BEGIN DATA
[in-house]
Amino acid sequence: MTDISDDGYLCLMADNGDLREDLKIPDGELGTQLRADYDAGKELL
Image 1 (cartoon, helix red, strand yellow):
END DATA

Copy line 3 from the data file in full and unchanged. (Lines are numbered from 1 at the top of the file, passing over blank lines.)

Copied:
Image 1 (cartoon, helix red, strand yellow):